The artist best known for his acclaimed drawings of Lillie Langtry, Miles first met Wilde in 1876. On 4 June, Lord Ronald Gower (1845-1916), a sculptor, politician, and Art critic, accompanied Miles to be introduced to Wilde at Oxford. Gower wrote in his diary: ".A made the acquaintance of young Oscar Wilde, a friend of Miles's. A pleasant cheery fellow, but with his long-haired head full of nonsense regarding the Church of Rome. His room filled with photographs of the Pope and of Cardinal Manning". In early July, Wilde and Gower stayed for a week at the Miles home in Bingham, where Frank's father was a rector.

Ellmann remarks that the tall, blond, and pleasant Miles "probably hovered on the edges" of homosexuality "as might be inferred from the great interest taken in him by Lord Ronald Gower". Brian Reade refers to Gower as "a notorious homosexual, one of the models for Lord Henry Wotton in The Picture of Dorian Gray". When Gower adopted a young man named Frank Hird, Wilde reportedly warned a friend: "Gower may be seen but not Hird". But, Ellmann states, though the intimate relationship between Gower and Miles remains puzzling, "More suspect was [Miles's] intimacy with young girls ".

By the autumn of 1879, Wilde and Miles were sharing rooms on Salisbury Street, off the Strand. Wilde named it "Thames House" because of its view of the river. Lillie Langtry recalls that the house was "a very ghostly mansion, with antique staircases, twisting passages, broken down furniture, and dim corners". In the midst of the untidy house, the rooms occupied by Wilde and Miles were decorated with blue china and lilies. In December, Miles - despite his confession to Lillie Langtry that he was almost colour blind - was awarded the Turner silver medal by the Royal Academy for his painting of an ocean coast. By August 1880, Wilde and Miles had moved to No. 1 Tite Street, Chelsea, the house named by them as "Keats House." Miles was appointed artist-in-chief of Life, which ran a series of his portraits of prominent society figures.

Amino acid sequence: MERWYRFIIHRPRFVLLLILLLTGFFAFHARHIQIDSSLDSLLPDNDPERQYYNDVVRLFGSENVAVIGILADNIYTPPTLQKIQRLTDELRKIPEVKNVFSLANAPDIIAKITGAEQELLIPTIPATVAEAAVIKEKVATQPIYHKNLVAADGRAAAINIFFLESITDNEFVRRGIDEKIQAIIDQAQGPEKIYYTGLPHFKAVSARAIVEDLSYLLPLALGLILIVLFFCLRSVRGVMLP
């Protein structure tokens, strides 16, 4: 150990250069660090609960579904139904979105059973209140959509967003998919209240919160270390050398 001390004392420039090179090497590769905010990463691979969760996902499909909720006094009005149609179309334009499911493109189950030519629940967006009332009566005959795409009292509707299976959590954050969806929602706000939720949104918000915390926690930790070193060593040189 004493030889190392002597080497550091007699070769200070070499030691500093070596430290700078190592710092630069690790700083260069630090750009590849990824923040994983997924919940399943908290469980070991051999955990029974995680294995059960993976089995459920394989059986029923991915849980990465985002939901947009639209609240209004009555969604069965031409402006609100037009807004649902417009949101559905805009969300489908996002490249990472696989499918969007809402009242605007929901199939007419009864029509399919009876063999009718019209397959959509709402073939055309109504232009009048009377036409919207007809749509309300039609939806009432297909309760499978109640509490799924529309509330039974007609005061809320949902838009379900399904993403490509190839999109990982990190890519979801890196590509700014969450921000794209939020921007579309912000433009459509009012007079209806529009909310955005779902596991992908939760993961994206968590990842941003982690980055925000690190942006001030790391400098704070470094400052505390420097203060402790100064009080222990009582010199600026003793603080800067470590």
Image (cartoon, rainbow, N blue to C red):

In 1881 when Wilde's Poems appeared, Miles's father warned his son that the volume was wicked; indeed, Miles's mother had cut out a poem that she regarded as dangerous (presumably "Charmides"), and Canon Miles wrote to Wilde:

As to morality I can't help saying Frank ought to be clear - he has, I believe, often argued with you. Our first thought of course must be of him and his good name and his profession. If in sadness I advise a separation for a time it is not because we do not believe you in character to be very different to what you suggest in your poetry, but it is because you do not see the risk we see in a published poem that, which makes all who read it say to themselves, ''this is outside the province of poetry," "it is licentious and may do a great harm to any soul that reads it."

When Miles revealed the contents of the letter, Wilde demanded to know whether his friend would yield to his father's wishes. Dependent upon his father's financial support, Miles had no alternative. Wilde left the house as soon as he could pack his things.

After Canon Miles's death in 1883, Frank became seriously disturbed, as indicated in the incoherence of a letter he wrote to the wife of the artist George Boughton (1833-1905): "Tell George I have given up his idea and Oscars - and Jimmy [Whistler] long long ago - that art is for art's sake and if it is good, [if some] unfortunate accident happens of its doing some harm to somebody why it is the artist's fault". In 1887, he was placed in Brislington asylum near Bristol, where he died four years later.

References: Lord Ronald Gower, My Reminiscences (rev. 1895); Lillie Langtry, The Days I Knew (1925); Brian Reade, ed., Sexual Heretics: Male Homosexuality in English Literature from 1850 to 1900 (1970).